2015-06-25 Stories of escape from North Korea (Vue Weekly, Canada) by Kristina Guzman

Vue front-north-korea


“Since the 1950s, about 27 000 [North Korean refugees] have come [to South Korea]”, says NGO Teach North Korean Refugees (TNKR) co-founder Casey Lartigue. “Most of them have come in the last 15 years.

“When the Soviet Union collapsed, the North Korean economy also began to collapse,” Lartigue continues.  “Then you have the famines of the mid-1990s. Some of the guards themselves were trying to escape.”

According to Life Funds for North Korean Refugees, 100 000 to 300  000 North Koreans have defected to other countries, with the majority hiding in Russia and China.

One of TNKR’s learners, Ken (who prefers the use of his first name only for this article) was in the North Korean military for 10 years.

“The most difficult thing is hunger,” Ken says. “The North Korean soldiers [did not] always get enough food.”

Although he is still working on his English, Ken exudes animated confidence as he tells his story. He is one of 15 Track Two learners at TNKR, which Lartigue explains is for “those refugees who are interested in public speaking,” whether it be to deliver work presentations or to speak out on North Korean issues.

Ken had to move to North Korea’s capital, Pyongyang, for military service. Soldiers were not allowed to contact family by telephone, only by letter.

“But letter must be checked,” Ken adds. “There is no Internet in North Korea.”

After finishing military service, Ken returned home to find that his brother and mother were missing. Three weeks later, he received news that his family had defected to South Korea.

“I was really shocked. Even though my family had defected, I just continued to look for a job and tried to stay in North Korea,” Ken recalls. “But I couldn’t.”

This was the kind of punishment that the government had for family members of North Korean defectors.

“Even if I stayed, after six months maybe a public servant from the North Korean government would be watching me, so I decided [to leave],” he says. “[The North Korean government] watches everybody … but especially someone who [has] a relative who is a defector.”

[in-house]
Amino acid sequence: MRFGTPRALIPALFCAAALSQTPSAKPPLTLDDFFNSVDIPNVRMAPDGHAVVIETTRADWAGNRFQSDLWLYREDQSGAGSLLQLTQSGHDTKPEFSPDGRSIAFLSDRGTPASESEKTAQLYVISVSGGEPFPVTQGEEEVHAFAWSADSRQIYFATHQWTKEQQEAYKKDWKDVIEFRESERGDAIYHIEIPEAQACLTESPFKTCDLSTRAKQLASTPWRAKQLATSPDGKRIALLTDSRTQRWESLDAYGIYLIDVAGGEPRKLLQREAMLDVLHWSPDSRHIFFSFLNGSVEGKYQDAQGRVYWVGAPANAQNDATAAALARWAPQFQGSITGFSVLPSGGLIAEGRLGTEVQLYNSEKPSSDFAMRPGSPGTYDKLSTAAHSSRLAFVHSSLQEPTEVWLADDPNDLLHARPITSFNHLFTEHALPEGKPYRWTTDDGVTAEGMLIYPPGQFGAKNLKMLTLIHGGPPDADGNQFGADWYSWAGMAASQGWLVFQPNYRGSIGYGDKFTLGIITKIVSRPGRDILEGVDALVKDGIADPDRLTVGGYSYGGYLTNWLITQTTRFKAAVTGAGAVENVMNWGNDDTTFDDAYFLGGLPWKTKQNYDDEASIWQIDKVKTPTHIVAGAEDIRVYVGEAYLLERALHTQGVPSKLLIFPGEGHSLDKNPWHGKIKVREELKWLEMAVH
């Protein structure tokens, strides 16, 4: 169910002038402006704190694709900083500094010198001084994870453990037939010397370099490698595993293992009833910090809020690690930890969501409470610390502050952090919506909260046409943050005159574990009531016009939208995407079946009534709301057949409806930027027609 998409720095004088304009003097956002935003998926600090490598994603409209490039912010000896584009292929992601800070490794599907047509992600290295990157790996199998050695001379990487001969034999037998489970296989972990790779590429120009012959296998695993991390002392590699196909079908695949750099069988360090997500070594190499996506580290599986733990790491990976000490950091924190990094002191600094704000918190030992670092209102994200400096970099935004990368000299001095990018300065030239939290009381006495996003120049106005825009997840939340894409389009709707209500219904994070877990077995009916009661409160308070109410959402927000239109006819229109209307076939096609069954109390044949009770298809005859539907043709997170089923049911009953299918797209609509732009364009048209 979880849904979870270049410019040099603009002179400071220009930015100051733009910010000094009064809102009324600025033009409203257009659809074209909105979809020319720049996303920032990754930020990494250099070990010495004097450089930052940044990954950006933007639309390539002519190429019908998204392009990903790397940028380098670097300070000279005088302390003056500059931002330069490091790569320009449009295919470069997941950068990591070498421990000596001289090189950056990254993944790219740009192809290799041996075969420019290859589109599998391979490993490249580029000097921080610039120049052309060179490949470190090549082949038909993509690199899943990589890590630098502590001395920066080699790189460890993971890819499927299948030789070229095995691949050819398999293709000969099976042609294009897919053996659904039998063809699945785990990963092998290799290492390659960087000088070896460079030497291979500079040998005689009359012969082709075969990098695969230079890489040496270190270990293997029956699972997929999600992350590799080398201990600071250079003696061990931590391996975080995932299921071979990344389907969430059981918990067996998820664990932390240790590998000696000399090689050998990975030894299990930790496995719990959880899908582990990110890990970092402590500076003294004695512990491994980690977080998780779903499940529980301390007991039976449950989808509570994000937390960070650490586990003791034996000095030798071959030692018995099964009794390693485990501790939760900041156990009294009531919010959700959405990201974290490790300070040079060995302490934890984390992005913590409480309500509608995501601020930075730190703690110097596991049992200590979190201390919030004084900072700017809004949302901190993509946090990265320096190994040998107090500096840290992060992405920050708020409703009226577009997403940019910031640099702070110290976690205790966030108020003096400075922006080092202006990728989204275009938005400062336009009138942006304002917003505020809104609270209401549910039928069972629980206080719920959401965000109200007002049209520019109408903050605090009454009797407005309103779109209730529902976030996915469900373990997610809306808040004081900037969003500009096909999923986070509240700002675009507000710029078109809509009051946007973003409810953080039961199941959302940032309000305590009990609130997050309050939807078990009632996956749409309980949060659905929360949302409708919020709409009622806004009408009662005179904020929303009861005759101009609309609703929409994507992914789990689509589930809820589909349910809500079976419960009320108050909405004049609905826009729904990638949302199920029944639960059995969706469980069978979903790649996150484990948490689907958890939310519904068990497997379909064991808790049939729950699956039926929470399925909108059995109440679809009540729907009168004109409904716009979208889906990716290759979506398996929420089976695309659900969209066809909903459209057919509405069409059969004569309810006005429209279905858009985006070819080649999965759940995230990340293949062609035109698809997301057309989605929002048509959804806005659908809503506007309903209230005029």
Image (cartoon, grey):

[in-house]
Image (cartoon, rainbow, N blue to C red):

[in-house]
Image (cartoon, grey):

Three months following military service, Ken embarked on a four-day journey to South Korea, via Laos and Thailand, with the help of a broker. Without a passport, he had to cross the border illegally.

“[The journey was] dangerous. [I] swim in the Amnok River,” Ken says of the first challenge of crossing the border between North Korea and China. “It took 15 minutes to cross, but it felt like 15 hours. It was as if a thousand needles were going through me!”

Eventually, Ken reached the South Korean embassy in Thailand, where he received a South Korean passport and was able to take a plane to South Korea. Like many others, Ken went through culture shock as he learned to adjust living in a “totally different social system.”

“North Korean people were provided food and some money by [the] government, but in South Korea, we have to make money ourselves,” he says.

However, because everyone was paid so little in their jobs in North Korea, Ken now considers it more like volunteer work rather than an actual job.

TNKR co-founder Eunkoo Lee says one challenge that North Koreans face in South Korea is employment. Employers have a capitalistic expectation of employees, which is, “they should be more active without orders from the boss.”

“[There is] difficulty of finding a job for South Korean people, but North Korean people [face] more difficulties, because South Korean people [are] influenced by the media—like North Korea is terrible country or they are [the] enemy kind of thing,” Lee says.

Ken also had preconceived notions of South Koreans.

“When I entered the South Korean embassy, there were some people who treat me very kind. I’m very [suspicious] … maybe they try to get information out of me,” Ken admits. “When I went to church [for the] first time, many people [were] being friendly. I thought maybe they’re working undercover as a spy for the government.”